I was asked by my brother Tom to speak at my nephew's funeral.
I was the only choice. Most of my family doesn't do church.
They don't have a pastor to turn to.
It’s never easy speaking at a funeral.
I’ve only done it a couple times, and pastor friends of mine let me know that the circumstances of a suicide make it more difficult.
Tom asked me to, and I couldn’t say no. He’s my brother, and like many here he hurts.
So, I’m not a pro and I might make mistakes. Be graceful and have mercy on me.
I’m gonna start with the hard stuff and then we can lighten up.
A few years ago, I won a contest to visit Washington D.C. and met a guy I talked to on the radio frequently. I had written some ads that won the contest and Scherie and I were put up for a week.
We drove to D.C. and we followed Google Maps to get to our destination.
At one point, we were told to take an exit, even thought it seemed counter-intuitive.
We followed the directions and stuff started to look vaguely familiar.
Then we were told to take the same exit again.
Well, a bathroom break was needed.
I talked to the guy behind the counter and told him what had happened.
He laughed and said that it wasn’t the first time he had heard that story.
He then told me how to get back on track, and we made it to our hotel.
Life is like that.
We have a destination in mind. Whether it’s a good destination in the long run, none of a choose one that we think will bring us unhappiness.
We launch off and hope for the best.
Early explorers had a piece of cork, a magnetic needle and the sun.
We have GPS. And even then, we get lost, and someone has to set us straight.
A lot of us are guided by our own sense of direction. Especially us guys.
We find it hard to ask for direction if we think we know where we are going.
We have an internal sense of which path we should take.
I don’t think any of us want to set off in a direction that will bring us hurt or harm, unless it’s for a greater purpose: protecting ourselves and ours.
But it’s unrealistic that we will choose a path that will bring harm to ourselves to hurt others, particularly loved ones.
I think you can see the general direction this is going.
Often, the guidance system goes wrong and we end up making the same mistake over and over until we stop and ask for help. And if we don’t ask for help, and just rely on ourselves, well, we are the ones who got us there in the first place. The definition of insanity, right? Doing the same thing over and over and expecting different results.
I’ve been surprised at the number of friends I’ve spoken to who said that they were that close to shutting it all down. I have a close friend of many years who just yesterday told me that he had almost done it. My friend was in an accident a year ago and is in daily pain. Excruciating, can’t get comfortable pain. I asked if it was recently that he had considered this, since the loss of his daughter and the accident. He said no, it was earlier than that, which utterly surprised me.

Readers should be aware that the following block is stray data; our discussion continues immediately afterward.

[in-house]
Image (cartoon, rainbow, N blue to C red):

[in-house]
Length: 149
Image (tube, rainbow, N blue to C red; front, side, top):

Years ago, depressed on drugs, I had considered it. I did not for the same reason my friend did not.
The effect on loved ones and the mess someone would have to clean up.
But Danny made the decision to do it. I can empathize with Danny. He’s put us in a position where he has abandoned us and left us and hurt us. But we certainly do not feel the pain today that drove him to end his life.
I don’t know if he had stopped anyone to ask for directions.
I did, a number of years ago. My brother Tom did 30 years ago.
Perhaps if Danny had sought help, and received it, we wouldn’t be here today.
I like to see all of you, but not under these conditions.
Over 40 years ago, on this day, my brother-in-law, Tim, whom I have never met, was killed in a freak construction accident.
Tim had quit the US Naval Academy to return to work in the construction industry with his dad.
The last words spoken by his dad to him were, “Go over and work on that deck."
Immediately after that, a literal ton of bricks fell on Tim. A block wall had toppled onto him.
His father had to deal with that grief and imagined guilt.
I say that to say this: Words were said at his funeral that changed lives for years to come.
I've seen the fruit of it. Trauma brings change. Make sure it brings the right change.
People considered the path they were on.
And they chose differently. And wisely.
I'm not gonna preach at you. I'm not gonna tell you to find Jesus. You can ask me about that later if you're interested.
But everybody needs help and guidance.
Danny took a wrong turn. I think we can agree on that.
He made a tragic decision, one influenced by the drug of his choice. Alcohol.
Alcoholism runs in our family, Grandpa was a bootlegger. So was Uncle Stan. Famously so.
I was driving home one night when I had to choose which of three white line to follow.
I survived it and change. I told my dad that story shortly before he died and he said that he had the same experience coming home from tjhe Legion Hall one night and quit.
Tom quit, 30 years of AA.
If it doesn't have a grip on you, fine. Statistically, a number of you are in it's grip.
If you are, it can lead to a destructive path.
Quit. Get help. Seek outside guidance.
Learn a lesson from Danny. He'd want that.
And find a good guidance system for life.
I did. You can too.